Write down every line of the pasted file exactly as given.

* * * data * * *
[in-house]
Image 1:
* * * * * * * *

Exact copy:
[in-house]
Image 1: